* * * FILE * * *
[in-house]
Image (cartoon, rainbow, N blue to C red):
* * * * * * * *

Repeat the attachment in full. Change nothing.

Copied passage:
[in-house]
Image (cartoon, rainbow, N blue to C red):